EEE572 - Advanced Power Electronics

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24 Νοε 2013 (πριν από 3 χρόνια και 9 μήνες)

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EEE572
-

Advanced Power Electronics

Spring 2004


Instructor

:

Dr. Raja Ayyanar

Class hours

:

MWF 11:40 AM


12:30 PM

Office

:

ERC587

Class room

:

SCOB 105 (also on internet)

Email

:

rayyanar@asu.edu

Office hours

:

MTWTh 2:00


3:00 PM or by
appointmen
t

Phone

:

(480) 727
-
7307

Web page

:

http://class.eas.asu.edu/eee572a


Scope:

Power electronics is a critical enabling technology with numerous applications. The
main focus of this course is on design
-
oriented analysis of topologies and control methods
for
various power electronic converters in important applications such as switch
-
mode power
supplies in any electronic equipment, adjustable speed drives and interface of fuel cells. This
course is intended as a second course in power electronics. However,

several lectures will be
devoted initially to the fundamentals of switch
-
mode power conversion such that students without
a formal course on power electronics can also follow the course easily. PSpice based simulations
will be used extensively to reinforc
e the basic concepts, and as a design tool as well. Power
semiconductor devices such as MOSFETs and IGBTs will be discussed briefly.


Pre
-
requisite:

Open to electrical engineering graduate students, and undergraduate seniors
with instructor consent.


Tex
tbook:



N. Mohan, T.M. Undeland, W.P. Robbins, “
Power Electronics: Converters,
Applications and Design
,” John Wiley and sons, third edition, 2003.


Reference:

R.W. Erickson, D. Maksimovic, “
Fundamentals of Power Electronics

Kluwer Academic Publishers, s
econd edition.


IEEE Transactions on Power Electronics, Industry applications, Industrial
Electronics


Major topics:




Basic principles of switch
-
mode power conversion (3)

Introduction to switching converters, concept of steady state, volt
-
second and amper
e
-
second
balance, ideal switches



Analysis of basic dc
-
dc converters (non
-
isolated) using a building
-
block approach (4)

Analysis and design of buck, boost, buck
-
boost and SEPIC converters, based on the model of
a power pole



Modeling and control of dc
-
dc con
verters (5)

Review of linear control theory, small
-
signal average model of converters, control design
techniques


voltage mode and current mode control, brief discussion on digital control



Power management (4)

Switching regulators for modern processors, c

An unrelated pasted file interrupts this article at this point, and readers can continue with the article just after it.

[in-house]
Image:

ontrol techniques for high dynamic
performance, voltage regulator modules (VRM), multi
-
phase converters, linear LDO
regulators and charge pumps for low power applications



Magnetics (3)

Basic magnetic circuits, applications in isolated converters, design of

inductors and
transformers, integrated magnetics



Switch mode power supplies with isolation (4)

Design and analysis of forward, fly
-
back, push
-
pull and full
-
bridge converters, introduction
to soft switching



Semiconductor devices (2)

Characteristics and sel
ection criteria for diodes, MOSFETs and IGBTs, gate drive circuits



Modern rectifiers (2)

Power quality issues, boost converter based power factor correction circuits (PFC)



Voltage source inverters (VSI) (4)

Topology, PWM techniques, control methods of VSI
, applications in low frequency synthesis



Modern applications of power electronic converters (5)

High performance, adjustable speed electric drives

Interface of distributed energy sources such as fuel cells

Automotive applications



Practical issues in powe
r electronic converters (2)

Thermal management, control ICs, EMI and layout issues


Homework:


About eight detailed h
omeworks will be assigned, and the solutions will be
posted later on the class web page. Many of the homework assignments will involve PS
pice
simulations. Students are expected to typically spend about 8 hours on each homework.


Mini
-
project:

A significant part of the grade is based on a required mini
-
project. Students can choose either a
detailed simulation project or a hardware project
, after consulting with the instructor. A final
report is required on the last day of class. (Presentation to the class is optional).


Grading:

Homework


20%






>85 %

A

Project



25%






70


84 %

B

Midterm exam

20%






55


69 %

C

Final exam


35%